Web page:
Off-Label Foley Use In Trauma – Part 2

Yesterday, I wrote about an unusual way to use the Foley urinary catheter to plug a heart wound. This allows you to buy time to get to the operating room to perform the definitive repair. But this cheap and effective tool is very versatile, and can be used in other body areas as well.

Consider a deep penetrating injury to the liver. It takes time to determine which method for slowing/stopping the bleeding is most appropriate. Sure, the doctor books say to occlude the inflow by gently clamping the hepatoduodenal ligament (Pringle maneuver). But this takes time, and can be difficult if there is lots of bleeding.

You may be able to gain some time by placing a properly sized Foley catheter directly into the wound and carefully inflating with saline. You must inflate the balloon to feel, not to its full volume. It should be snug, but not so full that it cracks the liver parenchyma and causes yet more bleeding.

Bottom line: Any time you find yourself facing bleeding from hard to expose places, think about using a balloon catheter like the Foley. Sizing is critical, and the balloon volume is more important than the catheter diameter. Estimate the size of the area that needs to be occluded, and then ask for a catheter with a 10cc or 30cc balloon. If you need smaller, more precise control, try a Fogarty arterial embolectomy catheter instead. 

As with the cardiac Foley, be sure to occlude the end so you don’t create a conduit for the blood to escape. If your patient does well, and you need to leave the catheter in place for a damage control closure, LEAVE THE CATHETER COMPLETELY WITHIN THE ABDOMEN. If you exteriorize the end, some well-meaning person may unclamp it, drop the balloon, or decide that it can be used for tube feedings.

TIP: If the distance between the balloon and the catheter tip is too long, DO NOT TRY TO SHORTEN THE TIP BY CUTTING IT! This will damage the balloon and it will not inflate.

Fogarty catheters

Off-Label Use of the Foley (Urinary) Catheter

Foley catheters are a mainstay of medical care in patients who need control or measurement of urine output. Leave it to trauma surgeons to find warped, new ways to use them!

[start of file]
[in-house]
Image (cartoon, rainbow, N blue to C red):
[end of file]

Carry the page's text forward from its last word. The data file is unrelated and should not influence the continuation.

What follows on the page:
Use of these catheters to tamponade penetrating cardiac injuries has been recognized for decades (see picture, 2 holes = 2 catheters!). Less well appreciated is their use to stop bleeding from other penetrating wounds.

Foley catheters can be inserted into just about any small penetrating wound with bleeding that does not respond to direct pressure. (Remember, direct pressure is applied by one or two fingers only, with no flat dressings underneath to diffuse the pressure). Arterial bleeding, venous bleeding or both can be controlled with this technique.

In general, the largest catheter with the largest possible balloon should be selected. It is then inserted directly into the wound until the entire balloon is inside the body. Inflate the balloon using saline until firm resistance is encounted, and the bleeding hopefully stops. Important: be sure to clamp the end of the catheter so the bleeding doesn’t find the easy way out!

Use of catheter tamponade buys some time, but these patients need to be in the OR. In general, once other life threatening issues are dealt with in the resuscitation room, the patient should be moved directly to the operating room. In rare cases, an angiogram may be needed to help determine the type of repair. However, in the vast majority of cases, the surgeon will know exactly where the injury is and further study is not needed. The catheter is then prepped along with most of the patient so that the operative repair can be completed.

Tomorrow: an off-label use for this catheter in abdominal trauma!

Do Children With Low Grade Solid Organ Injury Need To Transfer To A Pediatric Trauma Center?

Pediatric trauma centers have an excellent reputation when it comes to caring for children when compared to their adult counterparts. Overall mortality for major trauma is lower. Splenectomy rates and the use of angiography are less in children with solid organ injury. And because of this expertise, it is common for surrounding trauma centers of all levels transfer these patients to the nearest pediatric trauma center.